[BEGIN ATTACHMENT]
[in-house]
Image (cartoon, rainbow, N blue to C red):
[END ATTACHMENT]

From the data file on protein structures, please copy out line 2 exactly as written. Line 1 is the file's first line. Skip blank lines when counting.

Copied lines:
Image (cartoon, rainbow, N blue to C red):